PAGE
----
“There’s no question that the consumer is out spending. One of the things we saw in retail sales was even though we don’t have more wage growth, we have more wages. We have more paychecks. That critical mass is showing up and actually spending,” said Diane Swonk, chief economist at Grant Thornton. “We have very robust spending on discretionary items. They’re going out to dinner, and we know the Fourth of July holiday was one of the most traveled on record.”
Walmart sales at U.S. stores open at least a year rose 4.5 percent, well above the 2.4 percent expected by analysts. Walmart had sales for the quarter ended July 31 of $128 billion, a gain of 3.8 percent.
“I think the tax cuts are certainly a factor. You just saw strong economic growth in the quarter. The U.S. economy is doing pretty well, and that’s going to be reflected in numbers like Walmart’s. It’s about time,” said Paul Hickey, co-founder of Bespoke. “Walmart is all over the country, it’s middle America. I think it’s a good representative of the consumer. I think we’re seeing U.S. growth has been consistent. We’re seeing the employment trend continues to be positive. You’re seeing people come back to the workforce, the kind of thing is going to be great for Walmart.”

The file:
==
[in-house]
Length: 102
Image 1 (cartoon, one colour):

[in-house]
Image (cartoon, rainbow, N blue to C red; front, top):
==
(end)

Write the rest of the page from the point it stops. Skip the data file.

Bespoke said the more than 10 percent gap up in Walmart stock early Thursday was the most positive gap open after earnings since at least 2001. The stock previously gapped up more than 5 percent in response to earnings in May 2016 and November, 2017. The stock had gapped down 7 percent in February in its largest decline in reaction to earnings since 2001. Walmart traded slightly positive on the year – up 0.2 percent – Thursday morning, after lagging. That compares with Amazon’s 62 percent gain for the year so far. In February, its stock was slammed after it reported a slowdown in e-commerce sales in the fourth quarter.
Walmart said its earnings for the full year would reach $4.90 to $5.05, from a prior target of $4.75 to $5. It also said that its investment in Flipkart, an Indian e-commerce company would reduce full-year earnings by 25 to 30 cents per share.
Bernstein analyst Brandon Fletcher said it will not be easy to meet that guidance. “It takes a lot of work to get to the adjusted EPS, and we think it’s reasonable to assume there are other bad days in [Walmart’s] near future as they continue to clean up their int’l portfolio and eCommerce investments,” he wrote, in a note. “Grocery and apparel showed strong growth, and costs were under control making it one of the strongest quarters for [Walmart]. While we are excited to see general growth in eCommerce, our small raise in guidance is due to this growth being indicative of a strong economy rather than [Walmart] fixing its core problems.”